People are sharing memories of Arnold Palmer, who passed away at 87.
When I think of Palmer, I think of my dad, eleven years gone.
You’ll probably understand: I never met Arnold Palmer, and I was never much of a golfer. But he meant the world to me because he meant so much to my dad.
As a kid, I would sit on the brown plaid Sears sofa with my dad watching those battles between Palmer, Nicklaus, Player, et. al.
Televised PGA golf was a bond between a shy kid and a dad of few words. This was before “mancaves” and multiple-TV households. If you wanted to watch TV, there was one set. If golf was on, that’s what you were watching.
He’d say very little, and I’d say even less.
What he did say I’d always remember: Palmer’s a gentleman. Let your game speak for itself. Look at that swing.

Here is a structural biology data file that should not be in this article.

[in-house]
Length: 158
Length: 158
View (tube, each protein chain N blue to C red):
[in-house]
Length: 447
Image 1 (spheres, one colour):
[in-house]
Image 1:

I didn’t realize it until much later, but at the time we were watching the PGA on the woodgrain console Zenith TV set, Palmer was already past his prime. The biggest wins were years in the past. But the excellence, the poise and the example was live and in living color.
When we learned of this quiet man’s passing, I felt sad. And grateful.
Grateful for a son’s time with his dad.
I’d like to think the legendary golfer, and the man who described himself as just a “duffer”, are upstairs there comparing notes, and swings, right now.
Thanks, gentlemen, for how you played through.